Author of Decorating a Room of One’s Own, Susan Harlan, tells us more about how the book came into being, and compares the merits of two of the most iconic depictions of the Dashwood’s new home in Sense and Sensibility – Barton Cottage.
I have always loved literary homes and Jane Austen. The Sense and Sensibility and Pride and Prejudice chapters in Decorating a Room of One’s Own were originally part of my column “Great House Therapy” for the wonderful feminist site The Toast. I had started with Thornfield Hall in Charlotte Brontë’s Jane Eyre, but I knew that I wanted Austen to be a big part of the column: I would definitely write about Pemberley and Barton Cottage. And when I started to expand the column into the book, I wanted to squeeze in more Austen, if I could.
I remember watching the 1995 Pride and Prejudice miniseries with my friends Erika, Ania, and Kristina during our sophomore year in college at Columbia, all of us sprawled out on the two twin mattresses that I had set side-by-side on my dorm room floor (I don’t know how I managed to snag the extra one). We had rented the first DVD from the video store down the street, the magnificent and now-gone Movie Place on 105th Street, and the moment we finished it, we called and ordered the next one. Like everyone, we were obsessed with Colin Firth’s swimming Darcy, so I put a reference to this moment in Decorating a Room of One’s Own. And whenever I think about Elizabeth and the Gardiners approaching Pemberley, I think of this film and how the estate reveals itself like magic.
And I kept watching Austen adaptations over the years. They make me think about how the homes in her novels are re-imagined again and again. Film adaptations bring literary houses to life. A director has to decide what a place is going to look like – and which real home might approximate a fictional one. The two Barton Cottages in Ang Lee’s 1995 Sense and Sensibility and Andrew Davies’ 2008 BBC miniseries could not be more different. Both are serious downgrades from Norland Park, but while the former is an 18th-century stone cottage with an estuary, a treehouse, and a pastoral vibe – “comfortable and compact,” as we are told in the novel – the latter is Blackpool Mill, a smaller 15th-century cottage perched over the romantic and tempestuous Atlantic. When the Dashwoods arrive at their new home in Lee’s film, they stand in front of the property, surveying it with dismay. The expressions on their faces say everything about their lot in life. And in Davies’ production, Mrs. Dashwood (Janet McTeer) looks absolutely horrified. But the cottage in this adaptation has proven appealingly picturesque to audiences today, if not to Mrs. Dashwood: it is in high demand as a vacation rental.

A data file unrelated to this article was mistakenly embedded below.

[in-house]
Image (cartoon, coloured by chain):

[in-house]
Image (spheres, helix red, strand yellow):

Sometimes a house in a film is exactly as you see it in your mind’s eye, and sometimes it surprises you. Because Lee’s film was my first Sense and Sensibility adaptation, that Barton Cottage is the Barton Cottage for me, and it is closer to the description in the novel. But I have to say that I find the bleakness of Blackpool Mill appealing. It is always windy. (I might just have to rent it myself.) When I was working on the Austen columns, I re-watched both of these films a couple of times, often while flipping back through the novels to re-read the passages about Pemberley, Rosings, Netherfield Park, Longbourne House, Norland Park, and Barton Cottage. And I quote significant portions of these passages in the chapters: I wanted a lot of Austen’s language in the “House Tours,” mixed with the language of contemporary design culture. And then when I was developing the column into the book, I added a sidebar about Persuasion, which is my favorite Austen novel. I wanted Anne to be able to say something about her home, Kellynch Hall, and her silly father. I also added a sidebar from Mr. Knightley in Emma, talking about the décor at Donwell Abbey. It would have been fun to write about Northanger Abbey, too. Alas! So many options.
Susan Harlan is an associate professor of English literature at Wake Forest University in Winston-Salem, North Carolina, and a writer whose work has appeared in the Guardian US, the Toast, Roads & Kingdoms, McSweeney’s Internet Tendency, Literary Hub, Jezebel, Curbed, the Hairpin, the Establishment, the Common, and the Awl.
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